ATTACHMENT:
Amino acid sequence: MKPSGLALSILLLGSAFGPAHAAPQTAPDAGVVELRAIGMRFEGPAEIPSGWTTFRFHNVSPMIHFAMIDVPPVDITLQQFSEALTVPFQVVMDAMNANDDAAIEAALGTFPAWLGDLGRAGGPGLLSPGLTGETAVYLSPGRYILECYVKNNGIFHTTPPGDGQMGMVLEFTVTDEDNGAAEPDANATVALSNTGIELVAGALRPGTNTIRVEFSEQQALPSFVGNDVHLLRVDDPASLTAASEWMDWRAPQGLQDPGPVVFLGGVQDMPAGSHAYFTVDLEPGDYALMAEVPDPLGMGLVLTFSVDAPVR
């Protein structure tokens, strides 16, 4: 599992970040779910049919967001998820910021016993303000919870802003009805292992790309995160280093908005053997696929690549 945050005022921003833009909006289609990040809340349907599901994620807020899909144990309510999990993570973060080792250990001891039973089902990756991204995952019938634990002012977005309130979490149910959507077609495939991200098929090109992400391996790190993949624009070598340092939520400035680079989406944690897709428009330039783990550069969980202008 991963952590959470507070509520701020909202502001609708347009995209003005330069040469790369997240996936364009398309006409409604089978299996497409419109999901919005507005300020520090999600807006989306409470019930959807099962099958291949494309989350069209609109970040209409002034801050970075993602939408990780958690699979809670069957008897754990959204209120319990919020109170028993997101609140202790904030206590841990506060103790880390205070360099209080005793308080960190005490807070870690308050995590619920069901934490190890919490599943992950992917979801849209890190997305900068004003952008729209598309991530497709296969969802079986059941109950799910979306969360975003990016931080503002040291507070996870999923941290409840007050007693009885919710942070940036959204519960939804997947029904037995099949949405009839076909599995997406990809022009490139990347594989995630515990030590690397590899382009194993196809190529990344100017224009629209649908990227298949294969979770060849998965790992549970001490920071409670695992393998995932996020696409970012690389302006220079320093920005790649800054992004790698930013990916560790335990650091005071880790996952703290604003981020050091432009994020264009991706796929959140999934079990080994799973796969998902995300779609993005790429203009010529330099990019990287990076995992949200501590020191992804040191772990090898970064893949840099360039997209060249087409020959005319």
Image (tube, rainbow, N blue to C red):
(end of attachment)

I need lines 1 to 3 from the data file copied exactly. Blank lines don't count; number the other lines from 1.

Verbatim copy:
Amino acid sequence: MKPSGLALSILLLGSAFGPAHAAPQTAPDAGVVELRAIGMRFEGPAEIPSGWTTFRFHNVSPMIHFAMIDVPPVDITLQQFSEALTVPFQVVMDAMNANDDAAIEAALGTFPAWLGDLGRAGGPGLLSPGLTGETAVYLSPGRYILECYVKNNGIFHTTPPGDGQMGMVLEFTVTDEDNGAAEPDANATVALSNTGIELVAGALRPGTNTIRVEFSEQQALPSFVGNDVHLLRVDDPASLTAASEWMDWRAPQGLQDPGPVVFLGGVQDMPAGSHAYFTVDLEPGDYALMAEVPDPLGMGLVLTFSVDAPVR
């Protein structure tokens, strides 16, 4: 599992970040779910049919967001998820910021016993303000919870802003009805292992790309995160280093908005053997696929690549 945050005022921003833009909006289609990040809340349907599901994620807020899909144990309510999990993570973060080792250990001891039973089902990756991204995952019938634990002012977005309130979490149910959507077609495939991200098929090109992400391996790190993949624009070598340092939520400035680079989406944690897709428009330039783990550069969980202008 991963952590959470507070509520701020909202502001609708347009995209003005330069040469790369997240996936364009398309006409409604089978299996497409419109999901919005507005300020520090999600807006989306409470019930959807099962099958291949494309989350069209609109970040209409002034801050970075993602939408990780958690699979809670069957008897754990959204209120319990919020109170028993997101609140202790904030206590841990506060103790880390205070360099209080005793308080960190005490807070870690308050995590619920069901934490190890919490599943992950992917979801849209890190997305900068004003952008729209598309991530497709296969969802079986059941109950799910979306969360975003990016931080503002040291507070996870999923941290409840007050007693009885919710942070940036959204519960939804997947029904037995099949949405009839076909599995997406990809022009490139990347594989995630515990030590690397590899382009194993196809190529990344100017224009629209649908990227298949294969979770060849998965790992549970001490920071409670695992393998995932996020696409970012690389302006220079320093920005790649800054992004790698930013990916560790335990650091005071880790996952703290604003981020050091432009994020264009991706796929959140999934079990080994799973796969998902995300779609993005790429203009010529330099990019990287990076995992949200501590020191992804040191772990090898970064893949840099360039997209060249087409020959005319």
Image (tube, rainbow, N blue to C red):